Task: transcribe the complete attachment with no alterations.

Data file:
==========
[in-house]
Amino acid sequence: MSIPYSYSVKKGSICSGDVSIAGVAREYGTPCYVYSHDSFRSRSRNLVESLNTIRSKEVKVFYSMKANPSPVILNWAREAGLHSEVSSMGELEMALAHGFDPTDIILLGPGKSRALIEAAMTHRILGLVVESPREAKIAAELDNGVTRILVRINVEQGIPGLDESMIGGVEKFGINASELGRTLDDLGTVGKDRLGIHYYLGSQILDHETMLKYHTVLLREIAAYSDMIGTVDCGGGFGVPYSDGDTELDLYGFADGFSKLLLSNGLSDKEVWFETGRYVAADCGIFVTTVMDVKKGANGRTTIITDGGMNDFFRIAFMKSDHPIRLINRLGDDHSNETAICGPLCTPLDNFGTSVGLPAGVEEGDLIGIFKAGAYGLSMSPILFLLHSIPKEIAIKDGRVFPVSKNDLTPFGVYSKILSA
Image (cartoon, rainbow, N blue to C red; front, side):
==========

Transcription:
[in-house]
Amino acid sequence: MSIPYSYSVKKGSICSGDVSIAGVAREYGTPCYVYSHDSFRSRSRNLVESLNTIRSKEVKVFYSMKANPSPVILNWAREAGLHSEVSSMGELEMALAHGFDPTDIILLGPGKSRALIEAAMTHRILGLVVESPREAKIAAELDNGVTRILVRINVEQGIPGLDESMIGGVEKFGINASELGRTLDDLGTVGKDRLGIHYYLGSQILDHETMLKYHTVLLREIAAYSDMIGTVDCGGGFGVPYSDGDTELDLYGFADGFSKLLLSNGLSDKEVWFETGRYVAADCGIFVTTVMDVKKGANGRTTIITDGGMNDFFRIAFMKSDHPIRLINRLGDDHSNETAICGPLCTPLDNFGTSVGLPAGVEEGDLIGIFKAGAYGLSMSPILFLLHSIPKEIAIKDGRVFPVSKNDLTPFGVYSKILSA
Image (cartoon, rainbow, N blue to C red; front, side):